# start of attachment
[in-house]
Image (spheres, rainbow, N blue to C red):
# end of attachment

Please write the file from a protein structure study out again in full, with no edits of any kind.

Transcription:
[in-house]
Image (spheres, rainbow, N blue to C red):